The call story of the prophet Jeremiah has something to say to us about the caution we must throw aside when we find ourselves called to the task of proclaiming and living out God’s truth. There’s a word in it for all of us, and we need to hear it today. There’s a four-letter word in our passage that God despises, and I wonder if it caught your eye. The word is only. Jeremiah protests God’s call to him, saying to God,

Lord, you’ve got the wrong guy, are you sure you haven’t made a mistake, you must have, because if you want a prophet, someone who rises up to speak truth to people who would much rather not hear it, then I’m not the one you’re looking for.

And here is comes, the 4-letter word:

“I’m only a child,” Jeremiah says.

“I’m only…” Finish that sentence for yourselves. I’m only, what?

Young? Only one person? Little ol’ me?

What other excuses can we throw out there? Don’t we say these kinds of things about ourselves? Fill in the rest with your best excuse, your worst inadequacies. I myself have tons of ways to finish that sentence.

“I’m only…” has a cousin: “Who I am to…?” Who am I to act? Who am I to step up, say something, speak up? “I’m only…” and “Who am I to…?”: they’re cousins because no matter which of them we use, whatever comes after them will describe how we are insufficient, incapable, how and where we lack confidence or the ability to get something done. They’re both ways of saying,

I’m not good enough. Send someone else.

But God responds to Jeremiah:

Do not say ‘I am only a child.’

Once Jeremiah diminishes his own capabilities, God cuts in right away almost like He’s offended that Jeremiah would say such a thing about himself. No, you’re not “only a child!” You’re not only anything. When God looks at us, there’s nothing that we’re missing—nothing that we’re lacking. We’re not only anything, and in the face of Jeremiah’s self-doubt, God speaks up and says to Jeremiah,

You have enough and you are enough, and with my presence, you can do everything I’m asking of you. Now, Go. I will be with you.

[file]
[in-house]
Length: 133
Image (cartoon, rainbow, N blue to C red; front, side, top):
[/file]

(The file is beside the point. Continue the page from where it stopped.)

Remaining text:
Jeremiah pleads excuses, but the Sender knows who He’s sending.

Before you were born, God says, I set you apart for this.

See, Jeremiah thinks God needs someone perfect, and all Jeremiah knows is his own inadequacy. Like Jeremiah, we have a tendency to say “I’m only…” And that’s when all our self-doubt, and fear, and excuses come flooding in.

But God doesn’t call the equipped, He equips the called.


We’re going through Brenè Brown’s The Gifts of Imperfection, and in it she says that part of living a wholehearted life is letting go of perfectionism and replacing it with self-compassion. She writes that perfectionism is a self-destructive and addictive belief system that fuels the idea that if you and I look perfect, live perfect, and do everything perfectly, we can avoid or minimize the painful feelings of shame, judgment, and blame. We all know that there is no such thing as perfect, but we try to appear perfect anyway, and it’s exhausting.

Perfectionism, Brenè Brown writes, is a 20-ton shield that we lug around thinking it will protect us, when, in fact, it’s the thing that’s preventing us from taking flight.

In our pursuit of perfection, all we do is exhaust, debilitate, and sabotage ourselves, and we go into this sort of “perfection paralysis” (as Brené Brown calls it) where we think we do nothing right, so it’s just best to do nothing at all—to just stay put right where we are and keep silent, and don’t risk a thing.


Jeremiah speaks for me when he says,

Wait God, are you sure? I’m not right for this. I’m only…I’m not enough.

God interrupts Jeremiah, and me, and you whenever we say such things.

Don’t say you’re only… You’re not only anything. I’m enough. I’m everything, and I’ll be right beside you.”

The Sender knows who He’s sending.

God’s call is never about us anyway. God calls us not because of who we are, but because of who God is.

It’s time to cast out caution and replace it with courage. It’s time to drop our 20-ton shields, and with empty hands, step into the presence of the One who will give us everything we need.

All praises to the One who made it all and finds it beautiful!

Alleluia! Amen.


One thought on “Enough